Ongoing Assessment is a term we use in EMS for constantly monitoring our patient and changing our treatment as needed based on the patient. This is also something we do in education. We change things to meet the needs of our students.

Next year I'm going to utilize the classroom blogs and Google Forms to get more feedback from the students throughout the year. I'm also looking at different ways to assess their learning more often, and have a toolbox of ideas and lessons to use when I have to change things up or modify things.

As I write this, I keep having thoughts about issues I've had and how to change them next year. I'm also thinking about the type of teacher I am and what I can do to improve my attitude and persona to make me better. I think one of the things I'm going to do this summer is watch a few movies about teachers (Lean on Me, Freedom Writers, Stand and Deliver) for motivation, and keep active with my PLN (Personal Learning Network) to share ideas, thoughts, and resources. I want to come back to school next year enthusiastic, motivated, and ready to have some fun while educating. I want to make sure I am ready to be the best educator I can be. The only way to do that is to be prepared and constantly evaluate the teaching and learning in my classroom and modifying it as needed.

How do you evaluate teaching and learning in your classroom? What do you do at the end of the year and summer to prep for the next year?

Why do we go to school?

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In my last class of the school year with the 5th grade public school students with whom I've been doing philosophy this year, we held a "Philosophy Cafe" with juice, cookies and conversation. I'm going to miss this class.

The students had requested last time that we spend some time discussing whether homework is a good thing. We started the discussion more broadly by reading a chapter of Harry Stottlemeier's Discovery that raises questions about the purposes of education generally. I asked the students why they believed they were expected to go to school, and they responded that they thought it was "to learn," "so that we can have a better life," "so that we learn what we need to know in life" and "to get a job." They also mentioned that they want to be in school to spend time with their friends.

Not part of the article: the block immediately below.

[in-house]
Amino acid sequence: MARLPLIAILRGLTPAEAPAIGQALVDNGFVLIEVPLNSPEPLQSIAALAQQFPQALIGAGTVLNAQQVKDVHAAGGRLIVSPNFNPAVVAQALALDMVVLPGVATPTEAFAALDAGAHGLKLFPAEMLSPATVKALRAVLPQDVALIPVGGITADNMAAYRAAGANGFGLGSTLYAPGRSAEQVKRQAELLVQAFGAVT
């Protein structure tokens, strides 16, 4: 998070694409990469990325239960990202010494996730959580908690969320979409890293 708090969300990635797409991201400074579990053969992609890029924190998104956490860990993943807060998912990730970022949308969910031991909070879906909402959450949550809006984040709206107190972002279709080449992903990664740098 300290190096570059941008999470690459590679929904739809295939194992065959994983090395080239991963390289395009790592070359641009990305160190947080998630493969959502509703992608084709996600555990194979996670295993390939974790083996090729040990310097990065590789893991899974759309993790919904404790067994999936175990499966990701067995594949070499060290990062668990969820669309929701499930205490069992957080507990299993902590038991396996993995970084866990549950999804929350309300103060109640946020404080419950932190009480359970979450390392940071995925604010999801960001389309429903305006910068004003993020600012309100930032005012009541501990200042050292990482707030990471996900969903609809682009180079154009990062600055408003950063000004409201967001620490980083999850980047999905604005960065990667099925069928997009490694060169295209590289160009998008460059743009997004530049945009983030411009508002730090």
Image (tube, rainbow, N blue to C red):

I asked the students what a school that they could create would be like. 

One student replied, "I think this school is as good as it gets. If you made it any more fun, we wouldn't learn as much. But if it was less fun, we wouldn't want to be here.  It's actually perfect because we have fun and it's interesting and we learn a lot."

"Yeah, we're actually really lucky because school is much more interesting than it used to be when my parents went to school. We have time to read and do projects and teachers really try to make it interesting."

"School isn't meant to be joyous and fun. It's meant to teach us what we need to know for life."

"I disagree with that. I think that school does have to be fun, because if kids aren't having fun they don't pay attention and don't learn as much."

We talked for a little while about the connections between having fun and learning, and then the discussion moved into the purpose of homework, about which the students felt quite strongly.

"The purpose of homework is to keep us thinking about what we've learned so that the teachers doesn't have to teach it over and over."

"I agree. It kind of gets everyone to be on the same level, so if you didn't understand something so well in class, the homework helps you learn it better. If one person doesn't do the homework they get behind and it wastes everyone else's time."

"I don't agree with that. I don't think we'd forget what we've learned in one day. I think homework makes learning harder, because you never want to do the homework and you start not wanting to learn at all."

"Homework should be done at school. We have 7½ hours of school every day. We come home and we don't want any more school for the day."

"You know, we actually have a lot less homework than many kids in schools in other countries."

"But it does get in the way. After school you want to do fun stuff with your friends or at home, or play sports, and then you think, 'Oh yeah, I still have to do my homework.' "

"And you're distracted because you want to do fun things. So you sit there and look at the homework and think about what else you could be doing, and so it takes a long time to do the homework, and you have even less time for what you want to do."

"Learning in school is fun because we all do it together. At home it isn't any fun to do work by yourself."

"But I think you learn things in school and then homework is so you can practice what you've learned over and over."

"I don't think that really works. I mean, we don't forget what we've learned in a day. And having to practice it after a long day in school just makes us less interested in learning."